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|Bulletin Supplement (Winter 2008)|
Mike Honea, an Arizona native, came to ARS-Tombstone in late July of 2007. A permanent hire as an electronic technician, he brings with him nearly thirty years of electronics experience. He has spent time with such companies as Garrett Turbine Engine Company, the MITRE Corporation, General Dynamics, and Metric Systems. He is also a veteran with 28 years in both the Air Force and Air National Guard. Currently he is working on improving the data telemetry on the Walnut Gulch watershed, and experimenting with some different antenna designs that are inexpensive and very effective. He is also busy building up the electronics lab at Tombstone by acquiring needed radio frequency test equipment from government excess. Mike will no doubt make significant contributions to further strengthen the work at WGEW.
Welcome to our new SWRC scientist, Erik Hamerlynck who joined the staff of SWRC in August 2007. Erik is a plant ecophysiologist, which means he's interested in measuring the physiological mechanisms by which plants:
1) regulate fluxes of carbon and water through landscapes
2) allocate resources, grow, and interact with each other
3) deal with extremes in environmental variability
Erik has extensive experience in semi-arid and arid-land ecosystems, and has been especially interested in relating soils characteristics that strongly affect seasonal soil hydrology back to basic plant function, such as water relations and photosynthetic gas exchange. Erik received his Ph.D. from KansasStateUniversity in 1995, then did a three-year post-doctoral stint at the University of Nevada Las Vegas, and comes to SWRC after 8 years as an assistant professor at RutgersUniversity in New Jersey. Erik, his wife, Isabelle, and their four children, Roxane, Leo, Felix, and Amelia, are happily settling in to their new home, and are very glad to be back in the Southwest.
Dave Goodrich is planning to spend a sabbatical in New Zealand during the summer of 2008 at the University of Auckland under the supervision of Professor Andy Philpott. The sabbatical will be for 3 months, funded by a fellowship award from the Organisation for Economic Co-operation and Development (OECD) Co-operative Research Programme. The objective of the sabbatical is to develop improved optimization procedures for distributed watershed models which utilize internal watershed observations and advanced optimization algorithms.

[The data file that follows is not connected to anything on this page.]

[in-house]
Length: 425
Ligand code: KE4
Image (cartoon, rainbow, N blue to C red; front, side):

Susan Moran has been appointed as Associate Editor for the Elsevier journal "Agricultural and Forest Meteorology". This role includes arranging for peer-review of submitted manuscripts and consultation with other Associate Editors and Editor-in-Chief on the strategy of the journal.
We are sad to report that Carol Ann Bailey passed away on Dec. 31 2007. She was born on Oct. 20 1945 to Ronald A. and Dorothea E. Nutting in Portage, Wis. She lived the past 27 years in Arizona and worked as an administrative assistant with the USDA SCS and NRCS. She was also very active with the Victim Witness Program. She is survived by her husband Donald J. Bailey and her Daughter, Kelli M. Bailey, her son, James R. Bailey, her mother, Dorothea E. Roundy, and her five sisters and two brothers. She was preceded in death by her father, Ronald A. Nutting.
The SWRC Liaison Committee will meet on Tuesday, January 22 in Tombstone, Arizona. The focus of the meeting will be on research accomplishments over the past year, and will include a visit to the Kendall experimental site to discuss recent changes in vegetation at that site.
SWRC Scientists Mary Nichols and Mark Nearing attended the 2008 Science Conference of the Malpai Borderlands Group on Tuesday, January 8th, at the Douglas, Arizona, Visitor's Center. The annual science meeting is an opportunity for scientists, ranchers, and land mangers working in southeastern Arizona and Southwestern New Mexico to meet and discuss ongoing regional research, landscape preservation, and cooperative land management.
The proceedings of the Southwest Region Threatened, Endangered, and At-Risk Species (TER-S) Workshop will be released in Spring 2008 (http://www.serdp.com/tes/Southwest/). Lainie Levick was one of only 4 invited speakers at this Dept. of Defense workshop of about 80 attendees last October. Her presentation and white paper address research on ephemeral/intermittent streams, which was the topic of two of the 12 breakout sessions at the workshop.